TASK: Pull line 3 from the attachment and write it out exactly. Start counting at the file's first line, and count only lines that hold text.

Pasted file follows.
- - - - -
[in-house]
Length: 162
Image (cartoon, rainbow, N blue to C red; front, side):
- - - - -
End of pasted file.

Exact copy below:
Image (cartoon, rainbow, N blue to C red; front, side):